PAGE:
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Aberdeen Oil

I work, at least until very recently, in the Oil & Gas sector in Aberdeen. I do have something in the way of a grapevine, so I thought I’d like to share what I’m hearing. Take everything I say with a pinch of salt. It’s only my perspective as I see it.

Financial market consensus seems to be that oil prices have bottomed out, and we can see recovery to more reasonable levels. I’m not sure what everyone’s expecting: $100 a barrel, maybe??

I’m still hearing that oil and gas service companies are STILL retrenching, though. Producers just seem to be cutting costs to the bone. Personally, I think a swathe of junior producers aren’t going to make it. They’ll generally have the more marginal fields in which more investment has to be made. Potentially you can make a lot of dough on some of those AIM companies if oil recovers. The operative word is “if”. High risk, high reward. Personally, I think the risk doesn’t justify the reward. That’s just my assessment of the situation, though.

At the very least, I think producers will adopt a “wait and see” approach. It seems that the oil services companies are seeing the problems as more than just a temporary blip, and are reducing capacity accordingly. Oil & Gas tends to be something a schizophrenic industry, much like the stock market. It’s very much boom and bust. I don’t think companies like to reduce capacity casually, though. There’s a cost and an upset involved in that, not to mention effort in ramping up if demand takes off again.

Now’s my time to vent my concern about the attitude of the SNP as being unfit to govern the nation. Last year, when oil prices were high, that industry was seen as a cash machine that disgorges its bounty to all passers-by. Not so any more. Here’s what Jim Sillars’ said (http://is.gd/IqA0St):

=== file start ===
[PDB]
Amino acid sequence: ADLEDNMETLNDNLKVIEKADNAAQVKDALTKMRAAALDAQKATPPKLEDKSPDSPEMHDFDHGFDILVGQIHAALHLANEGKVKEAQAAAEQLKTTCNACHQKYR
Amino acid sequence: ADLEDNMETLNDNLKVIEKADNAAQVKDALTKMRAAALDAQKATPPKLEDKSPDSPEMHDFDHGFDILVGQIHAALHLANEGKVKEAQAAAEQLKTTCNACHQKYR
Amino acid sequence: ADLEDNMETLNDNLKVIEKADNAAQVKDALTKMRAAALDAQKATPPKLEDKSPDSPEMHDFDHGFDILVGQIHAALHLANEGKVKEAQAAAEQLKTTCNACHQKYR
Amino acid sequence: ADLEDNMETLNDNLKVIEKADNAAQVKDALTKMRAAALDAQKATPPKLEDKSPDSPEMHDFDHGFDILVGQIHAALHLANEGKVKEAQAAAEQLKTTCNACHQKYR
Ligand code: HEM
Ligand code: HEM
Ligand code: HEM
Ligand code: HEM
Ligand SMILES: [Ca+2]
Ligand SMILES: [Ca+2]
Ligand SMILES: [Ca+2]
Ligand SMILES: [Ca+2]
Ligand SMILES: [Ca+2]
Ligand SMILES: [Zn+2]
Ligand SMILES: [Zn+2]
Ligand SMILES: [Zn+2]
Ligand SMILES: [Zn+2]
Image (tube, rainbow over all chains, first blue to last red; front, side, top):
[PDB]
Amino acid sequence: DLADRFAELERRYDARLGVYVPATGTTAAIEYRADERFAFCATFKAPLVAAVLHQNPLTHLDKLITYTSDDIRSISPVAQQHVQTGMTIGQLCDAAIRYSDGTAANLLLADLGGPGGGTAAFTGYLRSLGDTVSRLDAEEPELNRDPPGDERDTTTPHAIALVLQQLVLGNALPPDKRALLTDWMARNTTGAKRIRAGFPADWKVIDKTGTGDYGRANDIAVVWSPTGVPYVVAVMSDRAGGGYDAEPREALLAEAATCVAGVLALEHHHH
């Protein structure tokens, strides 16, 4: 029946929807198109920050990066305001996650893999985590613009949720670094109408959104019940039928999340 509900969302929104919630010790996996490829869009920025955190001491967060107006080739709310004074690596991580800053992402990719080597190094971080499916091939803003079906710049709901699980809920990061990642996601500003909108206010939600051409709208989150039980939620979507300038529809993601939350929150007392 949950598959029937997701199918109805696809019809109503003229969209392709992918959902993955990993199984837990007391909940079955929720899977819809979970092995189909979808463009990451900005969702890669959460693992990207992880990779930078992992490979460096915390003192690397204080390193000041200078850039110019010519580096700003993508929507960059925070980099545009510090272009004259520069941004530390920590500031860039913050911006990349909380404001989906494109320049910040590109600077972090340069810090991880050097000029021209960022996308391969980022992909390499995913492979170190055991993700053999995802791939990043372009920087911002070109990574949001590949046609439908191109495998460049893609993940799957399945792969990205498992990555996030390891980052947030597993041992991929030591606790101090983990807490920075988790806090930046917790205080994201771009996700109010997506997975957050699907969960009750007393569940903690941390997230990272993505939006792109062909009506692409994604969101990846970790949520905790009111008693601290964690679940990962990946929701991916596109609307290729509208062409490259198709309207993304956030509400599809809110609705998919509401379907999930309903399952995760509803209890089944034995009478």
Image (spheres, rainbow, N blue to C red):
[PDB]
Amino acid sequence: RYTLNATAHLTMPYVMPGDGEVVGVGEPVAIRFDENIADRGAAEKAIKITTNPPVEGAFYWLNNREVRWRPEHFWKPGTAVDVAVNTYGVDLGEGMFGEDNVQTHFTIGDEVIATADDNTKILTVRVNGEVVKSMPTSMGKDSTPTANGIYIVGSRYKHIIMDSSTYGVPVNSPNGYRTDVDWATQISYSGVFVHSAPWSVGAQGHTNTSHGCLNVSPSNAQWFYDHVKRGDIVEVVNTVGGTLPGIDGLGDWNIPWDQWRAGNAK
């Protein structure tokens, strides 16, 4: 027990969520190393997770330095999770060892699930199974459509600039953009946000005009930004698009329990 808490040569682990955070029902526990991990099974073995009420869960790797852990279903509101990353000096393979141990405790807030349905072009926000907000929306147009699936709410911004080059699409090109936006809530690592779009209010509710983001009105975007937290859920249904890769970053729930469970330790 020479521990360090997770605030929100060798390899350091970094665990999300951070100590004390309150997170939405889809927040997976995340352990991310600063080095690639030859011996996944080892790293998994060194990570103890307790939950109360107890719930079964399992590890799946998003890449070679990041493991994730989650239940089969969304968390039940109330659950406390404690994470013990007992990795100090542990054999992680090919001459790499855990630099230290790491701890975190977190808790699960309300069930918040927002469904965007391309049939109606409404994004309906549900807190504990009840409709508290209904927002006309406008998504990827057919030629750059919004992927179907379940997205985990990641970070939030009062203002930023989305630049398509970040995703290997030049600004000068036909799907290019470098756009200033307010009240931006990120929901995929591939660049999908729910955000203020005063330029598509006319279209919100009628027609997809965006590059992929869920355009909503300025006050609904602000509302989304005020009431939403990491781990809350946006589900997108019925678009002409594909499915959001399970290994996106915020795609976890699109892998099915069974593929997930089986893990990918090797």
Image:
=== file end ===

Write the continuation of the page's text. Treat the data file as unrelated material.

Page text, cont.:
BP, in an independent Scotland, will need to learn the meaning of nationalisation, in part or in whole, as it has in other countries who have not been as soft as we have forced to be. If it wants into the ‘monster fields’ in the areas west of Shetland, it will have to learn to bend the knee to a greater power – us, the sovereign people of Scotland. We will be the masters of the oil fields, not BP or any other of the majors. If Bob Dudley thinks this is mere rhetoric, just let him wait. It is sovereign power that counts. We will have it, he will not.

The sheer arrogance of that statement beggars belief. Given the change in events we’ve seen, I don’t see anyone bending at the knee. If anything, it looks like they’ve got it the wrong way around as to who has to bend to whom.

Alex Salmond has also expressed a wish to repudiate Scotland’s share of the national debt (http://is.gd/6QQyag). Again, this is sheer arrogance. Not a great idea to signal to the credit markets that you’re not going to pay your debts because you don’t fancy it. One word: Greece.

Anyway, that’s my spleen vented.

I really can’t emphasise enough that theses are just my opinions. I simply don’t know how things are going to pan out in the long run.

Take care out there.

Update 20-Jun-2015: I thought I’d highlight another problem with the Oil & Gas industry in Aberdeen. There is increasing environmental regulation coming from the EU, particularly in regard to decommissioning. This is very much a new field, with a new market. Potential service providers do, of course, see this as an addressable market. Regulation seems to be geared towards turning a site to its pristine state, with possible small exceptions.

An example of an exception might be to leave trunk pipelines in place, in case they need to be used in future. It is also suggested that some platform foundations might be left in place, as the risks outweigh their removal. Other than that, it’s basically all got to go. Decommissioning platforms carries risk of environmental contamination. The industry hasn’t figured out best practises yet. Options include moving the whole platform onshore for decontamination, decontaminating in situ, and even both at the same time. No-one really knows, and it’s something that industry will only learn through experience.

All this was never a problem when the fields were build decades ago. We stand at an unusual time in history, where so many factors are coming into play at once. One is, obviously, the oil price, which is affecting the assessment of the economic viability of a field. Also, many of the platforms are old, are likely to be at the end of their economic life in any event, so operators are facing huge expenses. Lastly, there is an increasing appreciation environmental regulations, and of having to factor in decommissioning costs at the commissioning stage. This obviously affects the economic viablity of projects.